"I'll be the strongest champion for immigrant rights, and have over 10 years of direct community organizing experience and activism that is needed to hold establishment democrats accountable in Lansing," said Magdaleno.

Education reform is Aghogho Edevbie's No. 1 priority. "I want to create a framework for community resources to be based in our schools and ensure we have a curriculum that properly prepares students to compete in an increasingly competitive job market," Edevbie said.

Southwest Detroit activist David Sanchez said he has a host of issues he'd like to tackle, including auto insurance reform, education funding and water shutoffs.

Paula Humphries, a former 36th District judge and assistant attorney general; Terra DeFoe, former director of the Michigan Legislative Black Caucus; and labor activist Charlesetta Wilson round out the field. DeFoe is endorsed by the UAW.

Political consultant Steve Hood said DeFoe is the "odds-on favorite, because she's got the most money behind her." Carter and Burton are expected to be DeFoe's main competition, Hood said. 

The winner will face Republican Linda Sawyer in the fall election. 

District 2

Seven Democrats are vying to replace term-limited state Rep. Bettie Cook Scott, D-Detroit.

Willie Bell, a retired police officer who chairs the Detroit Police Commission, seeks to make auto insurance affordable for Detroiters and rebuild roads and bridge. But he said he also wants see "healing the wounds that divide Detroit and the Grosse Pointes" to be an importance issue to address as well.

"For me, public service is a calling," said Bell, who is endorsed by the UAW.

Detroit Economic Growth Corporation project manager Joe Tate, a graduate of the University of Michigan's Ross School of Business, said he would work to deliver high-quality education, youth service programs and job opprotunities.

"It's critical that all children across Michigan, but especially in District 2, have access to a high-quality school option as well as youth service programs in their neighborhood," said Tate, who is backed by the Detroit Regional Chamber.

Kinda Makini Anderson, a community service advocate, said she wants to protect retirees' pensions, public education and reform Michigan's auto insurance system.

"I am the best candidate for District 2 because I am a product of the district I am running to represent," she said. "

Latisha Johnson, who runs a non-profit community development corporation, said she wants to "work on creating equitable solutions to address systemically oppressive policies." Among her priorities are closing the leaning gaps for low-income youngsters and making early childhood learning centers more equitable.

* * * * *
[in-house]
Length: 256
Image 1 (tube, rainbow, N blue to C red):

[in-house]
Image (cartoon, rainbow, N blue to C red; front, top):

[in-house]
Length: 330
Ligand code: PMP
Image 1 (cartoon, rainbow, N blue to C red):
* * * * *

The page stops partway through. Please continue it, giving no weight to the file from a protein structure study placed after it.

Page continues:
Carla Tinsley-Smith said she wants to "improve the quality of life for District 2 residents starting with expanding educational and economic opportunities."

"As  a wife and mother, I will be that united voice for common sense solutions that improve our communities and help families get ahead," she said.

The other candidates are Carol Banks and Regina Jones. The victor faces Republican John Palffy of Grosse Pointe Park in the November election.

District 5

Six Democrats including local attorney Cliff Woodards II and Rita Ross, the sister of legendary Motown singer Diana Ross, are vying to replace State Rep. Fred Durhal III, who is running for state Senate.

Ross is endorsed by the Detroit Regional Chamber.

Woodards says he sees auto insurance rates reductions, infrastructure and education as key issues. 

"There may be times when I will have to stand and fight for my constituency or all Michiganders," he said. "I’m battle tested in court. I’m battle ready for Lansing."

Other candidates are Cynthia Johnson, Mark Anthony Murphy Jr., Mark C. Payne Jr. and Jermaine Tobey. The winner faces Republican Dorothy Patterson of Detroit in the fall.

District 9

Three Democrats are competing to replace Rep. Sylvia Santana, D-Detroit, who is running for the Michigan Senate.

Among them is Karen Whitsett, a community activist who said the Legislature must address auto insurance rates. 

"People need relief and they need it now! Not in five years down the road," Whitsett said. " I live in 48227 — the highest zip code in the ENTIRE nation" for insurance rates.

Whitsett said if elected she would also work on battling tax foreclosure.

"Our seniors need and deserve relief from property taxes. At some point, you simply deserve to own your home," she said.

For Donald Stuckey, an educational  paraprofessional in Dearborn, the top issues are auto insurance and expanding public transportation. He said he would offer a new generation of leadership as well.

"I'm the only candidate in this race who has worked in both Detroit and Dearborn schools, and I will provide the best perspective on education," Stuckey said.

The other candidate is Gary Pollard of Detroit. The winner faces Republican James Stephens of Dearborn in the fall election.